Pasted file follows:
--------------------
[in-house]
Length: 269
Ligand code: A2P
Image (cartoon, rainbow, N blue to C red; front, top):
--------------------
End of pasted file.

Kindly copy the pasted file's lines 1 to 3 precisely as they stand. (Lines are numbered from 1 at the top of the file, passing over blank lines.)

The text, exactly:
[in-house]
Length: 269
Ligand code: A2P